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SIR CHARLES SEDLEY.
You violets that first appear,
I little thought the rising fire
Would take my rest away.
Your charms in harmless childhood lay
Like metals in a mine;
Age from no face takes more away
Than youth concealed in thine.
But as your charms insensibly
To their perfection prest,
So love as unperceived did fly,
And centred in my breast.
My passion with your beauty grew,
While Cupid at my heart
Still as his mother favored you
Threw a new flaming dart :
Each gloried in their wanton part ;
To make a lover, he
Employed the utmost of his art;
To make a beauty, she.
A skein of silk without a knot !
WAITING FOR THE GRAPES.
BEN JONSON. That I love thee, charming maid, I a thousand
times have said,
And a thousand times more I have sworn it, WHEN IN THE CHRONICLE OF WASTED But 't is easy to be seen in the coldness of your TIME.
-- or scorn it.
Ah me! When in the chronicle of wasted time I see descriptions of the fairest wights,
Not a single grain of sense is in the whole of And beauty making beautiful old rhyme,
these pretences In praise of ladies dead, and lovely knights ; For rejecting your lover's petitions ; Then, in the blazon of sweet beauty's best Had I windows in my bosom, O how gladly I'd Of hand, of foot, of lip, of eye, of brow, I see their antique pen would have expressed To undo your fantastic suspicions. Even such a beauty as you master now.
Ah me! So all their praises are but prophecies Of this our time, all you prefiguring ;
You repeat I 've known you long, and you hint And, for they looked but with divining eyes,
I do you wrong, They had not skill enough your worth to sing ; In beginning so late to pursue ye ; For we, which now behold these present days, But 't is folly to look glum because people did not Have eyes to wonder, but lack tongues to praise.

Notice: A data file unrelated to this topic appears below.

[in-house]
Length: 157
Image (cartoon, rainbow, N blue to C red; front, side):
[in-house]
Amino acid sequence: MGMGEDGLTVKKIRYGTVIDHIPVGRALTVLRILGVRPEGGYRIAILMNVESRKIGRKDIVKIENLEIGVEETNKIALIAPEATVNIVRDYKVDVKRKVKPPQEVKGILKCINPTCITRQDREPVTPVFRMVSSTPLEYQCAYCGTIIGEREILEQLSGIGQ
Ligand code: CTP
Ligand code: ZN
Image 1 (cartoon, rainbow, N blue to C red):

Up the stairs of your nursery to woo ye.
expose 'em !
CHILD AND MAIDEN.
Ah, Chloris ! could I now but sit
As unconcerned as when
No happiness or pain !
And praised the coming day,
In a grapery one walks without looking at the
stalks, While the bunches are green that they ’re bear
ing : All the pretty little leaves that are dangling at the
Scarce attract e'en a moment of staring.
But when time has swelled the grapes to a richer | Her lively looks a sprightly mind disclose, style of shapes,
Quick as her eyes, and as unfixed as those : And the sun has lent warmth to their blushes, Favors to none, to all she smiles extends : Then to cheer us and to gladden, to enchant us Oft she rejects, but never once offends. and to madden,
Bright as the sun, her eyes the gazers strike, Is the ripe ruddy glory that rushes.
And, like the sun, they shine on all alike.
Might hide her faults, if belles had faults te 0,'t is then that mortals pant while they gaze on
hide ; Bacchus' plant,
If to her share some female errors fall, 0, 't is then, — will my simile serve ye?
Look on her face, and you ’ll forget them all. @hould a damsel fair repine, though neglected like
ALEXANDER POPE. a vine ? Both erelong shall turn heads topsy-turvy.
SHE WAS A PHANTOM OF DELIGHT.
She was a phantom of delight
If it be true that any beauteous thing
of J. E. TAYLOR.
THE MIGHT OF ONE FAIR FACE.
The might of one fair face sublimes my love,
Forgive me if I cannot turn away
MICHAEL ANGELO (Italian). Translation
of J. E. TAYLOR.
FROM THE “RAPE OF THE LOCK."
On her white breast a sparkling cross she wore,
The year stood at its equinox,
And bluff the North was blowing, A bleat of lambs came from the flocks,
Green hardy things were growing ; I met a maid with shining locks
Where milky kine were lowing.
She wore a kerchief on her neck,
Her bare arm showed its dimple, Her apron spread without a speck,
Her air was frank and simple.
To run down by the early train,
Whirl down with shriek and whistle, And feel the bluff north blow again,
And mark the sprouting thistle
Its green and tender bristle ;
Crisp primrose-leaves and others,
And butt their patient mothers. Alas! one point in all my plan
My serious thoughts demur to : Seven years have passed for maid and man;
Seven years have passed for her too.
Not rosy or too rosy ;